Sr Helen Prejean, CSJ, Sisters of Saint Joseph of Medaille, New Orleans, LA

Ibrahim Abdul-Mohid Ramey, Board Member, Muslim Peace Fellowship, Nyack, NY

Dr Rosemary Radford Reuther, Carpenter Professor of Feminist Theology, Graduate Theological Union, Berkeley, CA

Dave Robinson, Pax Christi USA, Erie, PA

Fr Keith Roderick, Secretary General, Coalition for the Defense of Human Rights, Macomb, IL

Julia Ronngren, United Theological Seminary, Dayton, OH

The Rev Dr Donna Schaper, Senior Pastor, Coral Gables Congregational Church, Miami, FL

Jakob Schmidt, Peace and Justice Committee of Saints Philips and James Roman Catholic Church, Saint James, Long Island, NY

Susan Severin, Clerk, Peace and Social Concerns Committee, Marin Quaker Meeting, San Rafael, CA

William and Ursula Slavick, Pax Christi Maine, Portland, ME

Rev David W Smith, STD, SSL, Professor of Theology, Founding Director Emeritus, Justice and Peace Studies, University of Saint Thomas, St Paul, MN

Rev Dave Steffenson, PhD, United Methodist Church (retired), Columbus, WI

Gene Stoltzfus, Christian Peacemaker Teams, Chicago, IL

Max Surjadinata, Old Steeple Community Church, United Church of Christ, Aquebogue, NY

Dr James Vijayakumar, Global Ministries, a joint witness of the United Church of Christ and the Chirstian Church, Disciples of Christ, Cleveland, OH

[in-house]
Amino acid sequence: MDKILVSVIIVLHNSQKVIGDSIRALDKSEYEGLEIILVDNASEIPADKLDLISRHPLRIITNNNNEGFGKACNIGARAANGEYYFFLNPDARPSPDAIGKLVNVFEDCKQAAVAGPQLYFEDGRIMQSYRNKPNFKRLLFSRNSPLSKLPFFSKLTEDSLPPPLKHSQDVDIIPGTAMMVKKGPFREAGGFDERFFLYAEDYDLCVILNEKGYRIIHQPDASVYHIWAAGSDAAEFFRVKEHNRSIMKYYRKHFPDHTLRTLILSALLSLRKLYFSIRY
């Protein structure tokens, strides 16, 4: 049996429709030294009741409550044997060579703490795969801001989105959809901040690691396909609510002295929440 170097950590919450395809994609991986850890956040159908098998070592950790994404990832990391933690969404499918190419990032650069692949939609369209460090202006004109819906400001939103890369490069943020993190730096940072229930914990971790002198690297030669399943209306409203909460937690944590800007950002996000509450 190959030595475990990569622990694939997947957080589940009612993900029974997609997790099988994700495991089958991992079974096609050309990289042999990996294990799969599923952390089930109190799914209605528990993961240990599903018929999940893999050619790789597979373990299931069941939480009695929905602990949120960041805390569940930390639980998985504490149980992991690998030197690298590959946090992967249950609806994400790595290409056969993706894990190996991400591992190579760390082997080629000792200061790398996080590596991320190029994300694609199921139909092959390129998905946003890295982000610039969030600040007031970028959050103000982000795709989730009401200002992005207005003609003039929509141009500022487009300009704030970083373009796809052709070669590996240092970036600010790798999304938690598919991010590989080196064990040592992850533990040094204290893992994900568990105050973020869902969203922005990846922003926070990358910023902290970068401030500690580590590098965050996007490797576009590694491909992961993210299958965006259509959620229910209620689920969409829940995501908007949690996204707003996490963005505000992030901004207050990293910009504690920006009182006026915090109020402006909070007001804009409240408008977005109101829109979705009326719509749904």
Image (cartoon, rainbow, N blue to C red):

Rev Paula Vmehmel, Martins Lutheran Church, Casselton, ND

Rev Lucius Walker Jr, Executive Director, Interreligious Foundation for Community Organization/ Pastors for Peace, New York, NY

Chuck Warpehoski, Interfaith Council for Peace and Justice, Ann Arbor, MI

Rev Kurt Weiland, Board of Directors, Church of Scientology International, Los Angeles, CA

David Wildman, Executive Secretary, Human Rights and Racial Justice, General Board of Global Ministries, the United Methodist Church, New York, NY

Rev E Philip Wilson, Coordinator, Peace with Justice Office, United
Methodist Church, Pittsburgh, PA

Tracy Zielinski, United Theological Seminary, Dayton, OH

see also ETAN's A Matter of Faith pages